|Publication number||US5712149 A|
|Application number||US 08/383,749|
|Publication date||Jan 27, 1998|
|Filing date||Feb 3, 1995|
|Priority date||Feb 3, 1995|
|Also published as||CA2221629A1, EP0842194A1, EP0842194A4, US5686281, WO1996023814A1|
|Publication number||08383749, 383749, US 5712149 A, US 5712149A, US-A-5712149, US5712149 A, US5712149A|
|Inventors||Margo R. Roberts|
|Original Assignee||Cell Genesys, Inc.|
|Export Citation||BiBTeX, EndNote, RefMan|
|Non-Patent Citations (36), Referenced by (45), Classifications (26), Legal Events (6)|
|External Links: USPTO, USPTO Assignment, Espacenet|
The field of this invention relates to novel chimeric surface membrane proteins for use in co-stimulatory signal transduction.
Regulation of cell activities is frequently achieved by the binding of a ligand to a surface membrane receptor comprising an extracellular and a cytoplasmic domain. The formation of the complex between the ligand and the extracellular portion of the receptor results in a conformational change in the cytoplasmic portion of the receptor which results in a signal transduced within the cell. In some instances, the change in the cytoplasmic portion results in binding to other proteins, where other proteins are activated and may carry out various functions. In some situations, the cytoplasmic portion is autophosphorylated or phosphorylated, resulting in a change in its activity. These events are frequently coupled with secondary messengers, such as calcium, cyclic adenosine monophosphate, inositol phosphate, diacylglycerol, and the like. The binding of the ligand to the surface membrane receptor results in a particular signal being transduced.
Engagement of the TCR alone is not sufficient to induce activation of resting naive or memory T cells. Full, productive T cell activation requires a second co-stimulatory signal from a competent antigen-presenting cell (APC). Co-stimulation is achieved naturally by the interaction of the co-stimulatory cell surface receptor on the T cell with the appropriate counter-receptor on the surface of the APC. An APC is normally a cell of host origin which displays a moiety which will cause the stimulation of an immune response. APCs include monocyte/macrophages, dendritic cells, B cells, and any number of virally-infected or tumor cells which express a protein on their surface recognized by T cells. To be immunogenic APCs must also express on their surface a co-stimulatory molecule. Such APCs are capable of stimulating T cell proliferation, inducing cytokine production, and acting as targets for cytolytic T cells upon direct interaction with the T cell. (Linsley and Ledbetter, Ann. Rev. Immunol. 4:191-212 (1993); Johnson and Jenkins, Life Sciences 55:1767-1780 (1994); June et al., Immunol. Today 15:321-331 (1994); and Mondino and Jenkins, J. Leuk. Biol. 55:805-815 (1994)).
There are a number of situations in which the immune system fails to respond properly because the APCs lack the counter-receptor molecules necessary for co-stimulation. The result is an immune system which is paralyzed in response to that particular moiety.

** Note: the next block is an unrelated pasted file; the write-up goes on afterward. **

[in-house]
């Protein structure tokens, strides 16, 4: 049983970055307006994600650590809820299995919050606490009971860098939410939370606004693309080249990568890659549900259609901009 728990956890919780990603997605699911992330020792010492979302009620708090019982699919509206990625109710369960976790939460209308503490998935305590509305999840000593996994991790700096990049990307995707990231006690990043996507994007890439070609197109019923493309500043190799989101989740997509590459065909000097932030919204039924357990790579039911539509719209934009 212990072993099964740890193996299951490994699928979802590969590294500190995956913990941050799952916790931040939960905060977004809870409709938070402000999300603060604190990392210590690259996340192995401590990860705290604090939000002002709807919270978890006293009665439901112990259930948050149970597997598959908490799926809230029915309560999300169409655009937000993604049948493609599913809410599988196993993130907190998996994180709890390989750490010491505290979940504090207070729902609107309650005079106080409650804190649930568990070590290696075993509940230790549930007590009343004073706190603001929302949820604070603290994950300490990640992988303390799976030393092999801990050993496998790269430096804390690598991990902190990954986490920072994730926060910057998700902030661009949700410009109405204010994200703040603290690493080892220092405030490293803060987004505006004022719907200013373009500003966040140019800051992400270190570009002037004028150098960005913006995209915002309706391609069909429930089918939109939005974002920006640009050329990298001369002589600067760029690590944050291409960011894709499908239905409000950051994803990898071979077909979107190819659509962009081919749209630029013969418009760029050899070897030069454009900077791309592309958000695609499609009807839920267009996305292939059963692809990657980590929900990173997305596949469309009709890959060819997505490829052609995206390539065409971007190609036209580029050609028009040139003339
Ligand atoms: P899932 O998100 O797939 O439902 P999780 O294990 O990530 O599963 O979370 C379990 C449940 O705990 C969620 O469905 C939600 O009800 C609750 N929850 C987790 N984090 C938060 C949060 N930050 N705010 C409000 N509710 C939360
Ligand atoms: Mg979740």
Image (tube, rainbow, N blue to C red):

For T lymphocytes in particular, induction of effector functions requires two biochemically distinct signals delivered through engagement of unique cell surface membrane receptors, usually one delivered through the T cell's specific antigen receptor (TCR) and the other via a so-called co-stimulatory receptor. Engagement of the co-stimulatory molecule together with the TCR is necessary for optimal levels of IL-2 production, proliferation and clonal expansion, and generation of effector functions such as the production of immunoregulatory cytokines, induction of antibody responses from B cells, and induction of cytolytic activity. More importantly, engagement of the TCR in the absence of the co-stimulatory signal results in a state of non-responsiveness, called anergy. Anergic cells fail to become activated upon subsequent stimulation through the TCR, even in the presence of co-stimulation, and in some cases may be induced to die by a programmed self-destruct mechanism.
In certain situations, for example where APCs lack the counter-receptor molecules necessary for co-stimulation, it would be beneficial to have the co-stimulatory signal induced by virtue of employing a ligand other than the natural ligand for the co-stimulatory receptor. This might be, for example, the same ligand as that recognized by the TCR (i.e., the same moiety, such that if one signal is received, both signals will be received), or another cell surface molecule known to be present on the target cells (APCs).
The primary co-stimulatory receptor is the CD28 molecule on T cells which interacts with a so-called "counter-receptor" ligand called B7 on APCs. Co-stimulation is achieved naturally by the interaction of the CD28 surface membrane receptor on T cells with the B7 counter-receptor on APCs.